Bloomfield Included in Water Quality Projects


Iowa Secretary of Agriculture Mike Naig announced that the Iowa Department of Agriculture and Land Stewardship will invest in 14 urban water quality projects within communities of all sizes across the state. Secretary Naig made the announcement with city leaders from Davenport at an event at Goose Creek Park, the location of one of the new water quality projects.

Utilizing funding from the state’s Water Quality Initiative (WQI) and other sources, the Iowa Department of Agriculture and Land Stewardship will provide cost-share grants that cover up to 50 percent of the total cost of each project. The Department is investing nearly $3.6 million, which will leverage an overall investment of approximately $10 million across the 14 projects.

“Regardless of whether you live in a big city, a small town or on a family farm, all Iowans can play an active role in conserving and protecting our precious natural resources, including our soil and water. Over the past decade, the Department has invested in more than 120 urban water quality projects, working alongside local partners to accelerate our statewide water quality progress,” said Secretary Naig. “Through this exciting partnership with the City of Davenport on the Goose Creek project, we will demonstrate how innovative practices can both improve the quality of the water leaving a residential area while also providing habitat and recreation for those enjoying a community park.”

The Department provides financial and technical assistance to the communities and organizations implementing these urban water quality practices. To receive state funding, the urban water quality projects must include education and outreach components and involve local partners. These community-based projects raise awareness about new stormwater management methods and encourage others to adopt similar practices to improve water quality.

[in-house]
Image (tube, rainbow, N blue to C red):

“Davenport is thrilled to learn that a project aimed at improving water quality and restoring the streambank on one of our local waterways, Goose Creek, has been selected to receive funding,” said Mike Matson, Mayor of Davenport. “The project was chosen among 13 other water quality projects in Iowa, and is an important step towards enhancing the quality of water and habitat both locally and downstream.”

These urban conservation projects include water quality practices like bioretention cells, bioswales, native plantings, permeable pavers, rain gardens, soil quality restoration, and wetlands among many other proven practices.

Fox River-Bloomfield Square Permeable Pavers with Sidewalk Phase 2

Iowa Department of Agriculture and Land Stewardship Investment: $216,250

The City of Bloomfield is updating the Historical Bloomfield Square north and west sidewalks by installing permeable pavers and bioretention cells. These practices intercept stormwater from the sidewalks and filter it before releasing it to storm drains, rivers, and streams. The city is in the final stages of Phase 1 by replacing the south side of the square using funding from the Department’s 2022 investment in this project.

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